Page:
Wednesday, December 08, 2004

The fine print

Thank you so much, Alibris. Tonight I was able to locate and order two books I've been seeking for a couple of years. "I Had a Dog and a Cat" by Karel Capek, a book I read 15 years ago, was the hardest to locate. It's never been reprinted since 1947, and while I have a copy that's in good condition already, I wanted a reading copy. Capek, better known for writing "R.U.R." in 1920, and giving the term robot to the science fiction community, penned this lovely little story about the trials and joys of living with his dog and cat in 1940 that just makes me feel wonderful every time I read it. His use of the language, even when translated from the original Czech, is so tight that it nearly qualifies as poetry.

I was also able to pick up a copy of "Religion and the Rebel" by Colin Wilson. Wilson wrote the book that first woke me up in my twenties and made me start to think about my life and beliefs. That book, "The Outsider", says more about me than I'm usually comfortable having people know. "Religion and the Rebel" picks up where "The Outsider" left off, discussing in even more depth existentialism and the famous people who personified the "outsider" in society.

As I wrote in a review of "The Outsider" for Amazon in 2000, "For over 15 years this has been my favorite book. Wilson explicates a thesis - that much of great Western Literature is written by and concerns men who see and feel more deeply than their contemporaries. Perhaps one might regard them as more sensitive. At any rate, such men are alienated-hence outsiders. Such figures include: Hermann Hesse, Van Gogh, Hemmingway, Lawrence of Arabia, H.G. Wells, Albert Camus, Vaslav Nijinsky, Sartre, Tolstoy, and others.

This book can be used in many ways: as a primer to existential philosophy, an introduction to religious mysticism, or as an introduction to the work and thoughts some of the greatest artists and writers of the 19th and 20th centuries.

Understanding of this book is helped by familiarity with the works and artists Wilson discusses - but it's not necessary. Wilson's discussion of each work/artists is complete enough even without prior exposure. And, indeed, it would be hard to have exposure to all he includes. In a way that, too, is a plus. I used this book as a core curriculum for nearly everything I've studied. I read what Wilson had to say, and if I was interested, I'd then explore those artists myself."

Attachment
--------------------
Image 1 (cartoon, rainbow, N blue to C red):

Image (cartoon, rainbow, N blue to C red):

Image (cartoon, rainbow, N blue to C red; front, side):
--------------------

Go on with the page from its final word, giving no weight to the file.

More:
Since existentialism is a philosophy and not a religion, many of those who read "The Outsider" thought that Wilson was selling out with "Religion and the Rebel" when they first saw the title. But what Wilson discusses is religion in the sense of a passion, a fascination with something beyond and grander than the individual. In that sense, you could describe my interest in the Internet as a religion, considering the role it plays in my life.

I've never owned a copy of this book, so I'm very pleased to have found a copy in good condition at a reasonable price so I can add it to my "special" bookcase. Those are the books I doubt I'll ever part with, and include the 3 volume set of H.L. Mencken"s "The American Language" and the science fiction novels of Stanislaw Lem, famous for "Solaris" (which has twice been made into terrible movies but was a brilliant book) but also the author of several amazing stories including my favorite "
Memoirs Found In a Bathtub", which reminds me of my time at NSA (to quote a review, "A paranoid story from the year 3149 in a world without paper. The protagonist is given a mission so secret that nobody has a clearance to tell it to him. Spies, counter-spies and counter-courter-spies stand in his way as he attempts to solve the mystery of his mission")

So once I get tired of reading about routers and wireless access points for work, I can take my pick of two better works to distract myself from computers for a while.
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